- Check local sheds and outhouses to make sure your pet has not been locked in by accident. Ask your neighbours and local businesses to do the same if they have garages, sheds or outhouses of their own.
- Might sound obvious, but look up trees. Even cats experienced at climbing sometimes go too high, (perhaps when running from a dog), and then get frozen in place, too scared to attempt to come down without assistance from a person on a ladder or a member of the fire brigade.
- Not a pleasant thought, but check local woodland for signs that your cat might have fallen prey to a larger predator such as a coyote, Great Horned Owl, Eagle Owl, mountain lion or snake. Signs might include the remains of the fur, a skeleton, the collar or even just signs of a struggle like broken undergrowth with tufts of hair stuck to the bushes.
- Visit your local schools and ask the Head Teachers to speak to the pupils in assembly and ask them to look out for your lost cat, and to notify you if they think they have seen him or her. Again a photo helps here, and a small reward can do wonders to motivate children to search the local neighbourhood on your behalf. Let's face it, children get everywhere so if anyone is likely to find your cat in an unusual location it could well be a child or teenager.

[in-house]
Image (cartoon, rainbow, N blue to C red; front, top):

- Contact your local radio station and ask them to put out an announcement about your missing cat. They may or may not charge for this service, but it will ensure you hit a large target audience all at once either way.
- Place a 'Lost' or 'Missing' advert in your local newspaper, preferably with a photo if you can afford it, or at least with a good description of your cat if a text advert is all you can stretch to financially.
- Get T-shirts or badges printed with a picture of your cat on saying 'Have You Seen This Cat' followed by a telephone number. Wear these whenever you can and pass them out to your friends and relatives.
I hope these ideas help you to find your missing pet cat, and that when you do, your cat is alive and well. Remember though, don't panic if your cat has only been missing for a few days. Sometimes cats go missing for weeks at a time and then stroll in as if they have never been gone. It is in their nature to want to hunt, explore and enjoy the great outdoors. We just have to accept that this is something we need to get used to if we are to have cats in our homes.
This article is accurate and true to the best of the author’s knowledge. It is not meant to substitute for diagnosis, prognosis, treatment, prescription, or formal and individualized advice from a veterinary medical professional. Animals exhibiting signs and symptoms of distress should be seen by a veterinarian immediately.
© 2011 Cindy Lawson